Getting deeper into display

Google needs more higher-priced display ads so that it can make better integrated use of the valuable data it gleans from search to create accurate display targeting. Google doesn’t break out display-ad revenues in its financial reporting, and you’ll get different estimates of its size. But the company has two components to its display business: an ad network selling mostly low-cost ads on third-party sites and the advertising it sells on its own properties like YouTube and Gmail.

The real money is in owning the pages that show ads, as Google’s ad networks keep only about 30 percent of the sale. On the call, Google ducked a question on whether it needed more “owned and operated” ad inventory: The answer is that it does. YouTube is getting more aggressive in advertising experiments like its skippable ads (which already compose a third of inventory, according to Wojcicki) and in pushing pricey sponsorships. But Google hasn’t said anything about advertising on Google+, which might be its next big source of page views. It is promising Google+ company pages, but it likely won’t charge for them, because archrival Facebook doesn’t. It needs to integrate Google+ inventory into its ad networks, so it can make money selling ads that drive traffic to company pages, just like Facebook does.

Connecting some more dots

Google has an impressive collection of local assets with Maps, search and Offers. But they’re only lightly integrated so far. And adding a one-page sign-up form is no substitute for having a local sales force that could package search, display, offers and analytics for marketing-challenged small businesses in a way that no other company could match.

While Google brags about Chrome’s 160 million users, it has only 12 percent market share. I’ve been dismissive of browsers as technology platforms, but Chrome could do web-wide what Google is doing with its promotional black toolbar on its own sites. That could be a powerful incentive for +1 and Google+ usage.

Don’t get me wrong. Google’s business is in solid shape. But a little more integration would help ensure growth and defend against would-be usurpers. Page pointed at Google’s visual redesign as a cross-group initiative: He just needs a few more of these.

Question of the week

How can Google maintain its growth?

Why music won’t be Facebook’s next billion-dollar business June 27, 2011

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Last week Om broke a big story on Facebook’s plans for music. We’ll likely see more details at Facebook’s upcoming developer conference, but as Om describes it, Facebook’s scheme sounds cool, and music is a natural fit for the dominant social network.

Om described a Facebook music dashboard that will accommodate multiple third-party digital music services from companies like Spotify, enable music streaming while still in Facebook, and incorporate sharing, recommending and syndication technologies like Connect and Like buttons. Such a platform has great promise for increasing Facebook usage, especially since music, unlike video, encourages background listening. A platform like this one also offers potential user lock-in through habitual usage or a third-party music collection locker. And all without Facebook having to do complicated licensing deals with record labels and music publishers.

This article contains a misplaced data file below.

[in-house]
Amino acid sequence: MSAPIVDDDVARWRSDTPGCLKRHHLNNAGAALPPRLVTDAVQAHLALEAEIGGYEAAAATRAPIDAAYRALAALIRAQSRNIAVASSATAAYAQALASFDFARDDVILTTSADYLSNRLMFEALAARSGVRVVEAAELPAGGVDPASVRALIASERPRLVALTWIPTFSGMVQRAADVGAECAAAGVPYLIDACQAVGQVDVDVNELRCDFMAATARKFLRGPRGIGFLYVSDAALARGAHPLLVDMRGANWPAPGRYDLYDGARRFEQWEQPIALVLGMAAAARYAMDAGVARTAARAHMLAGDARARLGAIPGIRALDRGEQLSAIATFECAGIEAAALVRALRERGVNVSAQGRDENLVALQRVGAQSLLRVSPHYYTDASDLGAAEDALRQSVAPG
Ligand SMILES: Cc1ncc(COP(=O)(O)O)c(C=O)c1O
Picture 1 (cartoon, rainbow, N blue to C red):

But it will be tough for the company to cash in big on music for the following reasons:

  • There is a limited subscription market. Facebook probably wants a cut of revenues from digital music partners. But on-demand music services like Rhapsody and Napster have never gotten more than a million subscribers each at $10 to $15 per month prices. Spotify, which needs to sign all the labels before entering the U.S., has a lot of momentum in Europe, but it faces the same tight market. I go into detail in this post, but it will be difficult to convince music fans to change from a model where they mix radio and personally owned music to a rental model. Total, there are probably five to seven million prospective customers.
  • Facebook doesn’t charge rent. Remember the portal tenancy deals AOL used to extort from startups back in the day? Some music startups – I’m talking about you, Spotify – have paid up-front fees (funded by VC firms) to music rights holders, and they might do the same for premium positioning on Facebook. But Facebook has never directly charged its partners for placement or for using its platform, choosing instead to cultivate an ecosystem of companies with Facebook advertising nearby. Apps companies, social games, retailers and brands all get this free ride. And a music “real estate” model wouldn’t be sustainable without big digital music revenues.
  • The margins in music sales are low. Years ago I did analysis that suggested royalties and credit card fees ate up about 85 or 90 cents of a 99-cent single. Like PayPal, prepaid Facebook Credits could cut the credit card costs by a third, but not if Facebook wants its usual 30 percent cut. Albums or bundles of singles can also reduce the impact of per-transaction credit card fees, but they’re not the dominant digital music package.
  • It hasn’t prepared for the best advertising opportunity. The most natural music ad opportunity is in audio ads that play between songs, like in radio. Radio networks (CBS, Clear Channel) and Pandora are working hard on online audio ads, but it’s a small market so far. Facebook could do ad insertion and create an audio ad network, but it would have to start from scratch. But it hasn’t even done anything similar for the much larger display ad opportunity in apps or on its Likes network.

Facebook’s best business opportunities around music build off its existing advertising business. The company is getting smarter about brand advertising; for example, it recently launched an advisory council to better schmooze with brands and agencies. But it hasn’t created any fancy ad formats or sponsorships. Youth marketers like Pepsi, Coke, and Nike would jump on a rich-media sponsorship app that deeply integrated music sharing or listening, like the old My Coke Music. Facebook’s audience would be much bigger.